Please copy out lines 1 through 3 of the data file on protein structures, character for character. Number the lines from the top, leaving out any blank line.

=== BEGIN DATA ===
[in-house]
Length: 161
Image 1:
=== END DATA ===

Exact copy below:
[in-house]
Length: 161
Image 1: